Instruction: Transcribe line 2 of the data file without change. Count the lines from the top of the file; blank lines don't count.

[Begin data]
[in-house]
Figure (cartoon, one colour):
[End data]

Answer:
Figure (cartoon, one colour):